Leaving college football for the NFL, we're often reminded, is a business decision. That's never been more obvious than it is right now.
A number of players have decided to opt out of the 2020 college football season in order to prepare for the 2021 NFL Draft. For some, like Oregon offensive tackle Penei Sewell, who announced Monday, this is a relatively simple call. Oregon is not playing this fall, and Sewell's status as 2021's top offensive lineman is secure. He's one of the rare gems who truly had nothing left to prove at the college level.
But Sewell is far from alone. Even players whose teams are playing this fall -- like LSU wide receiver Ja'Marr Chase -- are opting out.
And as these players ponder the biggest business decision they'll ever make, to truly understand the weight of what's in front of them, they must understand risk is a two-sided coin.
There is, of course, the risk of playing. Any player who suffers in an injury in their final college season is certain to pay for it at draft time -- and doubly so if that injury happens in the spring. A fourth-round prospect that suffers, say, a torn Achilles in March may go completely untouched come Draft time, since an NFL team would know they'd get nothing from him his rookie season. And this says nothing of the associated risks of catching COVID-19 or unknowingly spreading it to a loved one.
But there is another risk here, one that doesn't get discussed as much but must be reckoned with all the same -- the risk of not playing.
Every single player, save for perhaps Sewell and maybe Trevor Lawrence, must submit himself to the rat race that is the NFL draft process. Their games are poked, prodded and picked apart down to the finest detail. If they don't find a flaw (and, rest assured, they will), they'll invent one. Once all that is done, your résumé is pegged to the wall and compared against everyone else's.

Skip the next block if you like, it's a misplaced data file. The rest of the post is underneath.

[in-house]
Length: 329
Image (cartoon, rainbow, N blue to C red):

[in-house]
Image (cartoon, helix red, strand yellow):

Even players like Chase, the reigning Biletnikoff Award winner, must sing for his supper come draft time. A certain first-round pick will have to scrap and claw to become the top option at his position. Double that for guys looking to move up from the second round to the first, or a Day 3 guy angling to move to Day 2, or a fringe prospect hoping to hear his name called at all.
For those guys, every day is a job interview and NFL general managers will be watching -- you, or your competition.
“The one thing, the conferences that chose not to play, and the players that opted out, we understand all that. Obviously, they are doing it for safety and health, first and foremost, and we respect that. However, the players that get the opportunity to play and choose to play, we feel more comfortable in their evaluations,” Pittsburgh Steelers general manager Kevin Colbert told The Ringer. “Because I just don’t know, sitting out a year, what those players are going to look like having missed the season. There’s just not a real natural source of information saying, ‘Well, when this player sits out, he’ll be this’ because we just don’t know. We respect the fact that they aren’t playing, but we also have to make the best decisions and I think the best decisions we’ll be able to make are the ones where we can see them play in 2020.
“If there are two players that are close or equal, we’ll take the one that has played most recently. We’re hopeful that the other conferences get up and running. If they do, we’ll add that to the evaluations. If they don’t—again, all we have is 2019 and we’ll make the best decisions we can.”
Of course, this isn't to say that only players who play in 2020 will be drafted. That's simply not possible.
But even guys who get drafted -- and, more importantly, drafted in a slot they feel is worthy of their talents -- also take on a simple, unavoidable risk: you can make yourself a better football prospect by skipping a year of football games to do nothing but lift and run, but you can't become a better football player in the weight room alone.
The NFL is a dog-eat-dog world where the average career lasts less than a presidential term and the real, set-for-life money doesn't come until you get to your second contract. How many rookies can reasonably expect to contribute to their teams in September 2021 after not playing a real football game since December 2019?
This isn't to say one decision is wrong and the other is right. It's a business decision, and also a personal one -- made in a time no one could have ever foreseen before 2020. But every prospect staring down this monumental, unprecedented decision is doing himself a disservice if he doesn't spend a lot of time staring down both sides of this coin.